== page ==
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Signs of labor: Know what to expect
Do you know the typical signs of labor? Understand the changes your body will go through as you prepare to give birth.By Mayo Clinic staff
On television, babies are often born with a rush of emotion and swift action. The mother doubles over from the pain of a single contraction, and the baby appears before the commercial break. In reality, however, labor usually begins less dramatically. Find out common signs of labor and what they mean for you and your baby.
Effacement: Ripening of the cervix
One of the first signs of labor is your cervix softening and thinning, or effacing. Most of the effacing happens in the last weeks before delivery and you won't feel this preparation for labor happening. Instead, your health care provider might check for signs of cervical change with vaginal exams.
Effacement is often expressed in percentages. The cervix starts out about 4 centimeters (cm) long. When you're 50 percent effaced, your cervix is half its original thickness, or 2 cm. Your cervix must be 100 percent effaced, or completely thinned out, before a vaginal delivery.
Dilation: Opening of the cervix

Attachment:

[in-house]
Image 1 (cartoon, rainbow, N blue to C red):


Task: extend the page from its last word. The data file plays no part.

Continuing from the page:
Another of the early signs of labor is your cervix beginning to open, or dilate. For most women, some dilation occurs before labor. Your health care provider will measure the dilation in centimeters from zero to 10.
At first, these cervical changes can be very slow. In fact, some women are dilated 2 to 3 cm for days or even weeks before labor actually begins. Dilation isn't a good indicator of when labor will begin, but rather a general sign that you're getting ready for labor. Once you're in active labor, expect to dilate more quickly.
Bloody show: Loss of mucous plug
During pregnancy, a thick plug of mucus blocks the cervical opening to prevent bacteria from entering the uterus. When your cervix begins to thin and open, this plug may fall out. You might notice stringy mucus or a thick discharge. It's typically brown and sometimes tinged with blood.
Losing the mucous plug is among the telltale signs of labor, but it's not a guarantee. Labor may still be days or weeks away.Next page
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